How to Quickly Validate a Siteswap in Your Head

The following is an explanation of a simple method for validating siteswaps that does not involve any calculations and is ideal for doing in your head. It also gives you some helpful insight in that it tells you which throws are causing problems.

The Criterion

A sufficient criterion for a validation of any siteswap is that for every beat, the number of balls thrown equals the number of balls in your hand at that beat. For vanilla siteswaps, since at most one ball is thrown at a time, this means that no two throws can land at the same time and if a throw lands, it must be thrown again at the next beat (i.e. the next beat must contain a nonzero siteswap number).

The Re-Throw

The actual time that a given throw lands is going to depend on the jugglers dwell ratio, but for ease of understanding, we can assume that a throw of height x will land x beats after the throw. The amount of time between a throw of height x and the next throw of that same object is equal to x+1 and is independent of the dwell ratio.

The Countdown

For this validation method, each throw has to be counted backwards. Let's take a look at a countdown for a particular throw and see what it tells us. Here we have the siteswap sequence 534. For the first throw I have counted down from 5 to 0 since 5 is the height of the throw. At beat 5, countdown1 reaches 1 and object is caught. At the same time that this catch is occurring, the other hand is throwing an object at height 3. On the next beat (beat 6), countdown1 reaches 0 and the object is once again tossed into the air, this time with a height of 4. Countdown2 & 3 are for the second and third throws respectively.
Beats:      123456789
Siteswap:   534534534
Countdown1: 543210
Countdown2:  3210
Countdown3:   43210
Spotting an Invalid Siteswap

Siteswap 534 is a valid sequence. What happens if we look at an invalid siteswap? Let's take a look at 6054. You can see that countdown3 and countdown4 show that both throws are landing at the same time and are supposed to be thrown again at the same time on beat 8. Of course, the siteswap shows that only one object is to be thrown at that beat, thus the '5' from beat 3 is colliding with the '4' from beat 4.
Beats:      123456789
Siteswap:   605460546
Countdown1: 6543210
Countdown2:  0
Countdown3:   543210
Countdown4:    43210
We can recognize this collision problem without even looking at countdown4. If we just look at countdown3 and the siteswap, we can see that the '4' from the countdown matches up with the '4' in the siteswap on beat 4. Any time that a siteswap number matches up with a countdown number, you can be sure that the siteswap is invalid, and you can tell which two throws are colliding.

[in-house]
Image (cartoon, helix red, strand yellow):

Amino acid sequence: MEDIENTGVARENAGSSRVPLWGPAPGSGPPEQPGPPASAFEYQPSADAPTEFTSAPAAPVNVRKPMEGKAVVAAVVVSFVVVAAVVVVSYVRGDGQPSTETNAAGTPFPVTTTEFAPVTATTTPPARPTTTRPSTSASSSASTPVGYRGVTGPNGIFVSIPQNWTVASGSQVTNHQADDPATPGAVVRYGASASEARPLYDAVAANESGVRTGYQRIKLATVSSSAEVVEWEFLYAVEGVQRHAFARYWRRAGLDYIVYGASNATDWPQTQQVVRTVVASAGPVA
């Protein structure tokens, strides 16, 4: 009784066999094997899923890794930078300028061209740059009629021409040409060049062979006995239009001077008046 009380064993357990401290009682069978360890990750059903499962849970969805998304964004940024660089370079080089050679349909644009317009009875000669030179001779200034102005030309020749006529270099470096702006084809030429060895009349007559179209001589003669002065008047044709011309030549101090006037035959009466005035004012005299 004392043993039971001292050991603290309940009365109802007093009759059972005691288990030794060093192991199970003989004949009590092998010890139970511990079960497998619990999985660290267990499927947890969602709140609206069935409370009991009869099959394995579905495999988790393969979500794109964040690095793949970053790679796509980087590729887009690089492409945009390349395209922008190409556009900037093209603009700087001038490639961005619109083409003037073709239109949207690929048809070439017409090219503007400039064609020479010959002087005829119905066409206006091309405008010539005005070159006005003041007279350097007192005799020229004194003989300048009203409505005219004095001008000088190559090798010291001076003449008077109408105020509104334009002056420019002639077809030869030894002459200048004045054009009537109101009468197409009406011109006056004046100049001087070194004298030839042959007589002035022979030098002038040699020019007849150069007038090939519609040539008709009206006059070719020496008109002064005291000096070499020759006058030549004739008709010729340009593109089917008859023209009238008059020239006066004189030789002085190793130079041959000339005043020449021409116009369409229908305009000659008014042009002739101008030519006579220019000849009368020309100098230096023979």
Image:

What happens if we collide with a zero?

Now lets look at another example: 3560. We can see here that throw '3' from beat 1 is colliding with throw '0' from beat 4. Of course, technically this is not a collision. Basically, the countdown says that the throw '3' from beat 1 is supposed to be thrown again at beat 4, but the siteswap says that there is no ball at beat 4. This is obviously a contradiction and the siteswap is invalid.
Beats:      1234
Siteswap:   3560
Countdown1: 3210
(countdown2,3&4 omitted)

Are countdowns sufficient to insure validity?

If countdown is performed for every throw in the siteswap sequence and no collisions were found, then the siteswap is most certainly valid. A countdown will only check for collisions between the throw being counted down, and all throws smaller than it. Since the larger throws are already checked against the smaller throws, the smaller ones don't need to be checked against the larger ones. So basically this method of checking all throws against all other throws without being redundant.

Refining the Process

So now you should have an idea of how to use this method to validate a siteswap sequence. There are some shortcuts that can be taken. Most notably, you do not need to countdown all the way to zero if your siteswap does not contain any zeros. You only need to count down until you reach the number that is equal to the smallest number in the siteswap sequence. After time, you should be able to notice some of these collisions automatically even before you begin any countdowns. Let's look at 3651 for example. Before you even begin your countdown on '3', you should notice right away that 6 and 5 collide with each other. You should never have two numbers next to each other in decreasing order that differ by one.


Step 1) Take note of the smallest throw in the siteswap sequence.
Step 2) For each throw, countdown from the throw height to the number from step 1 and check to see if any of the countdown numbers match up with the siteswap numbers on the same beat. If not, the siteswap is valid. Otherwise it is invalid.

That's it! It's that simple :-)

© Nathan Peterson 2002